On 16 August I wrote about Chinese photographer Lu Nan and his series of work on Tibetan livelihood called “The Four Seasons: The Everyday Life of Tibetan Peasants”.
An equally priceless collection of black and white photos about Tibet is Heinrich Harrer’s work during his seven-year stay in the then free Tibet. Harrer’s Tibetan adventure, which was recounted in his book “Seven Years in Tibet”, began in 1944 when he escaped with Peter Aufschnaiter and two Germans from a British prison camp in India. They entered Tibet in May that year. After two incredibly tough years in southwestern Tibet, Harrer and Aufschnaiter reached Lhasa in 1946. Harrer later met the then eleven-year-old 14th Dalai Lama, befriended him and taught him much about western culture and knowledge. In 1951, when the Communist Chinese took over Tibet, Harrer, like the Dalai Lama, was forced to leave the country.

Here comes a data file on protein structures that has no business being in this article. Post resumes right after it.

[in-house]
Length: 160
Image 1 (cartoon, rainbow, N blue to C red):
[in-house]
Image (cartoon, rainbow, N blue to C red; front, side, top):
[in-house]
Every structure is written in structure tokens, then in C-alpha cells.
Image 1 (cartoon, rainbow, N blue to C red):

Some of Harrer’s 3,000 photos about the Tibet which was lost forever, taken between 1948 and 1951, were published in his aptly named book “Lost Lhasa”. A few are also available from the website http://www.harrerportfolio.com.
The following quotation from Harrer’s “Seven Years in Tibet”, shows his deep love for the country and his sadness for its present state:
"Wherever I live, I shall feel homesick for Tibet. I often think I can still hear the cries of wild geese and cranes and the beating of their wings as they fly over Lhasa in the clear cold moonlight. My heartfelt wish is that my story may create some understanding for a people whose will to live in peace and freedom has won so little sympathy from an indifferent world."
That love was well reflected in those pictures.